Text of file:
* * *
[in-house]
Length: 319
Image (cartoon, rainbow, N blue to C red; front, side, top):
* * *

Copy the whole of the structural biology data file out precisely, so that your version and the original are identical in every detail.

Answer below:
[in-house]
Length: 319
Image (cartoon, rainbow, N blue to C red; front, side, top):